Thanks to science, we get more for less. We get more features on a newer car model, more data and information stored on a computer, and all for the same or lowered cost.
That same principle applies to accelerator R&D, where improving the performance and lowering the cost can help open doors to new ideas.
The Department of Energy recently named Fermilab physicist and 2013 Peoples Fellow Anna Grassellino as a recipient of the prestigious Early Career Research Award for her work to develop particle accelerator cavities that have improved performance and are less expensive to operate.
The $2.5 million award, spread out over five years, will fund Grassellino’s research to expand her recent discovery of the cavity surface doping effect to a wide range of applications. The research will lead to enabling technologies for future superconducting accelerators used for a broad spectrum of scientific machines, medical uses, and nuclear energy applications.
“This grant is extremely important, as it will allow me to expand our current findings and do further exploratory research that isn’t always possible, as often we focus on development work that is project-targeted,” Grassellino said. “But the big technological breakthroughs, which then enable new machines, are made by trying something completely new and by pursuing the fundamental understanding of the mechanisms in play. This is the exciting part of this grant — there may be more breakthroughs coming.”
SRF cavities enable acceleration of beams of particles. These innermost components of an accelerator are strung together, like a strand of pearls, inside a vessel called a cryomodule, which keeps them at very cold temperatures.
To get the best performance, scientists treat a very thin layer of the cavity surface, measuring several tenths of nanometers. Traditionally, researchers believed that these cavities should be made from very pure niobium, but Grassellino discovered that the addition of a little bit of impurity, such as nitrogen gas, into the niobium surface can help to greatly increase the cavity efficiency.
By doping the niobium surface of a 1.3-gigahertz, single-cell cavity with an impurity such as nitrogen gas, Grassellino and the Fermilab SRF team increased the cavity’s quality factor, or Q, the measure of how well the cavity stores energy, to previously unseen values. During recent tests, she measured a world-record value for Q, which was almost three to four times that of the next-highest reported quality factor of any accelerator cavity.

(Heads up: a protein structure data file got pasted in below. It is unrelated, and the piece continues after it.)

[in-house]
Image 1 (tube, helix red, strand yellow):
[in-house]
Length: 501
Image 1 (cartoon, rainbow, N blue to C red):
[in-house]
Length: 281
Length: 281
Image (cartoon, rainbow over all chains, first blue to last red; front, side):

Since many particle accelerators and physics experiments require a great deal of power, more efficient cavities will bring down the cost of refrigeration, often the most expensive part of running an experiment.
The new technique can substantially lower the cost of operating high-energy particle accelerators. It can also make possible machines that use a lot of power, such as a future light source or continuous-wave beam experiments, that would otherwise be cost-prohibitive.
“We made this discovery two years ago, and it has already turned into the enabling technology for important future machines. We are very excited,” Grassellino said. “This shows how this type of funding eventually pays huge dividends from unexpected discoveries and applications.”
She says the next steps are to deepen the understanding of why the technique works and to explore other options.
“This award gives me the chance to extend the technique to cavities of different frequencies, to try other gases, to understand the new surface nanostructure,” Grassellino said. “Most importantly, it will allow us to advance SRF science and gain new knowledge, which is power, even if the implications are not fully understood at the time of the discovery.”
Hasan Padamsee, head of Fermilab’s Technical Division, is a world-renowned expert in SRF technology. He finds her work intriguing.
“Now it is just a question of translating that to large-scale structures, such as cryomodules,” he said.
This is the second DOE Early Career Research Award for SRF researchers in Fermilab’s Technical Division in recent years. It will support Grassellino and two students and will provide funding for materials, testing and processing.
“To have good quality researchers as part of the division is an important leg for the division to stand on,” Padamsee said.